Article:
2 minute read
Older adults have been among those most impacted by the current pandemic, both physically and emotionally. In addition to advancing age, many such individuals suffer from chronic diseases that increase risk for unfavorable health outcomes should they contract COVID-19. Although self-isolation is keeping them healthy, many find quality of life to be significantly diminished. Put simply: they are desperately lonesome.
For some, Seniors for Seniors animal adoption programs could provide much-needed company. A literature review in the Journal of Veterinary Medical Education summarized physiological and psychosocial improvements among older adults who had adopted pets.1 Authors Barker and Wolen cited several studies showing reduced morbidity and mortality following myocardial infarction, and well as research supporting improvements in morale, depression and loneliness.
Authors concluded that “Pets appear to buffer the impact of stress on some owners, and may be associated with other health attributes such as increased physical activity… Seniors in nursing homes and those with Alzheimer’s and Dementia appear to benefit from both pet ownership and AAA (animal-assisted activities) in the areas of mood, loneliness, social behaviors and caloric intake.”2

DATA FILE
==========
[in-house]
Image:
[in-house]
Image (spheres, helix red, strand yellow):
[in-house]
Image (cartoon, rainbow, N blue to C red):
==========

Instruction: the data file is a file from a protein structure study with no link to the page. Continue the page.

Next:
Programs such as the Senior Dogs Project3 and Washington State’s PAWS Seniors for Seniors4 program connect senior citizens with older shelter animals, often with reduced fees or free of charge. Older animals are less likely to be taken into shelters and are frequently euthanized because they cannot find forever homes.
A good friend in the Seattle area who is about to turn 90 adopted her cat, Lissa, through the PAWS program two years ago. Lissa had lost her owners during Hurricane Katrina. Shy at first, she and her new owner have come to depend on each other’s company as only best friends can. A widow who has been forced to self-isolate, this woman has lived through many days with no human company. Lissa’s warmth and gentle purring have kept her on center.
As we grow older, our social circles tend to diminish. Retirement, meant to be a time to enjoy the fruits of one’s labors, becomes a daily battle against isolation. School and business closures due to the pandemic have given the rest of us a taste of what that feels like. While we may not be able to connect physically, helping older adults find safe companionship in furry friends could make the difference between lives well lived and those not worth living.
- Barker, S. & Wolen, A. (2008). The Benefits of Human-Companion Animal Interaction: A Review. In Journal of Veterinary Medical Education. Vol. 4. No. 5. pp. 487-495.
- The Senior Dogs Project. (2020). www.srdogs.com/senior-dog-adoption-and-health.
- PAWS.org. Seniors for Seniors. (2020). www.paws.org/adopt/seniors-for-seniors.